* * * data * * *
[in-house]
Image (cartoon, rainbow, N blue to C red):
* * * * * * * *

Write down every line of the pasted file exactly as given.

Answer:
[in-house]
Image (cartoon, rainbow, N blue to C red):